This morning I came across a new service called, “Christian Twitter.” I found it by reading a church marketing blog at:
This Christian Twitter site is at: http://www.christiantwitters.com/
The church marketing blog was quite critical of this “Christian” version of a “secular” service. “So let's rename our GodPod series, turn off our GodTubes, shut down our Godwitters, log out of GodSpace, delete our Gracebook accounts and show the entire world that we care about them more than us.”
It is so hard to engage culture. We probably know the pat phrases of culture-engaging—“be in the world, but not of it”; “love the sinner, hate the sin.” That sounds easy written in a quiet office, but in reality? It’s so much easier to create a homogenous community of people who agree with us, act like us, talk like us, and look like us.
I believe one of the reasons the PC(USA) is struggling so greatly is too many of us have become too comfortable with our own tribe. We’re not engaging each other—discovering and celebrating what unites us.
At the last two Presbytery meetings, I’ve asked people to sign up to pray for our new church. Most people sign up, and I now have a fairly large E-mail list of people to whom I send a monthly prayer newsletter. One reason I have asked people to pray is I want people with a wide variety of theological views to pray for our church. We can be united in prayer, right? No matter what our views about salvation, homosexuality, biblical authority, etc. we all can pray for the ministry and mission of a new Presbyterian church, right?
Well—no—we all can’t. I remember the response I received from one person whose views I would describe as at a theological extreme. I asked the person to pray for our church. The person responded to me as if I had turned into a vampire and wanted to take something precious from the person's body. Let’s just say the person's body language wasn’t positive! I couldn’t remember the two of us ever talking, so I introduced myself and shared what I was doing with the new church. “I know who you are,” the person said and then walked away.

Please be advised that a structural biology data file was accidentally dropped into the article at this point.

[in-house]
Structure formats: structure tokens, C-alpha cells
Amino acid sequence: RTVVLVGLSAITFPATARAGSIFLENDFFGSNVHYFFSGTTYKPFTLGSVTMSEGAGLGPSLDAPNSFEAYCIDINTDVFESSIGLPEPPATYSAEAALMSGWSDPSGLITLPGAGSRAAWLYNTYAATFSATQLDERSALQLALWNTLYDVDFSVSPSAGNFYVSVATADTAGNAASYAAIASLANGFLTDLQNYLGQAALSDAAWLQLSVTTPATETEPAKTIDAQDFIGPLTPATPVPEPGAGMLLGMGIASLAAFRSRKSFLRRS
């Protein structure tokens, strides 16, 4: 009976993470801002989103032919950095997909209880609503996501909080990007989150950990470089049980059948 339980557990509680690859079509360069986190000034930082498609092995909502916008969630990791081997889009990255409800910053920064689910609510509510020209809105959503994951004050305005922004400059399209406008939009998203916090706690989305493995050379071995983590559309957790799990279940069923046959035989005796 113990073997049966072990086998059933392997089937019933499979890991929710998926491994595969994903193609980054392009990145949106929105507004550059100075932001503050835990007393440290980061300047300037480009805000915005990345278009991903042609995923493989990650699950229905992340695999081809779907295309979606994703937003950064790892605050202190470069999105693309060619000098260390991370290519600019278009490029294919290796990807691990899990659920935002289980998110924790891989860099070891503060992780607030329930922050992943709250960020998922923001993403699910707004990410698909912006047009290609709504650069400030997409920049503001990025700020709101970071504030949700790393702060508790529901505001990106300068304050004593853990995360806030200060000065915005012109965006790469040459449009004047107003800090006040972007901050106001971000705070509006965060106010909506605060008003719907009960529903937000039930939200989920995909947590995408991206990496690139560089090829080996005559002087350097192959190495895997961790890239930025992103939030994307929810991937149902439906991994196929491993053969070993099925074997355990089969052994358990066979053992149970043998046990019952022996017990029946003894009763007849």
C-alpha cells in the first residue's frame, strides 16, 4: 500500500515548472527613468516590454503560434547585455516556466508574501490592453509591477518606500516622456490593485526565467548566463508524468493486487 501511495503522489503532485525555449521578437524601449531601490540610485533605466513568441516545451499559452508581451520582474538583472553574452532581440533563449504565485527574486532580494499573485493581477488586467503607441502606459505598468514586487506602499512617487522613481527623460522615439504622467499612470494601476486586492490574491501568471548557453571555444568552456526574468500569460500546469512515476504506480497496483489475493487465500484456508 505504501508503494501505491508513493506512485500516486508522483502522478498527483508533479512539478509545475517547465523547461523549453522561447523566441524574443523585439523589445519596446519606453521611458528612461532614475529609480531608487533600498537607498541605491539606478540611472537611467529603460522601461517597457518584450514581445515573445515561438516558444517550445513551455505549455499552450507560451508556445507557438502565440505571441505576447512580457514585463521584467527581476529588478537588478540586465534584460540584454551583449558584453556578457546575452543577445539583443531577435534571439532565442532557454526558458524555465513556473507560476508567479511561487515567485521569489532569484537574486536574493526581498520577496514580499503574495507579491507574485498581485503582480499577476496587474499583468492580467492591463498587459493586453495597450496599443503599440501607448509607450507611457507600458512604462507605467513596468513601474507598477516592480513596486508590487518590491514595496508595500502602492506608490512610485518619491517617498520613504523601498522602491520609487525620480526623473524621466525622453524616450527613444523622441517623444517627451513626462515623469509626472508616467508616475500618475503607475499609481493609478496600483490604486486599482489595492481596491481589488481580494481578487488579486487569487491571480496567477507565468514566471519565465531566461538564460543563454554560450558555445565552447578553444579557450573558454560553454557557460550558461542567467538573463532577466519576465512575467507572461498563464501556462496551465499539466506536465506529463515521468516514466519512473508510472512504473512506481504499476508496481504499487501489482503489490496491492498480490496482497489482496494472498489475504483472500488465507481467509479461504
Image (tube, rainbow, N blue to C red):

Hmmm—I don’t think the person’s comment was a compliment.
Last night our Emerging Community was discussing the last chapter of Philip Yancey’s book, “The Jesus I Never Knew.” It’s always amazing to me how Jesus engaged the culture of 1st century Palestine. He talked to all people—terrible sinners, religious officials, political leaders—he was interested in engaging everyone. He was literally in the world for his entire ministry. He died in the world; after he was raised from the dead he came back into the world. He didn’t protect himself from the world. No matter the person’s status Jesus wanted to be engaged.
Sadly the church of Jesus Christ is not living out the engagement of our leader.
There will always be attempts to create homogenous Christian communities; it’s easier to do that then truly engage people and culture. Creating homogeneity comes at a hight price for the world isn’t interested in homogenous churches with high fences.
The Church Marketing blog put it this way: “People who live outside of the Christian bubble roll their eyes. You lose them forever. They see you as demeaning something they value, and they think less of you for it. You trade the entire mission of God for the comfort of a walled garden, and you chose your Christian social network over actually networking with non-Christians. It doesn't go unnoticed.”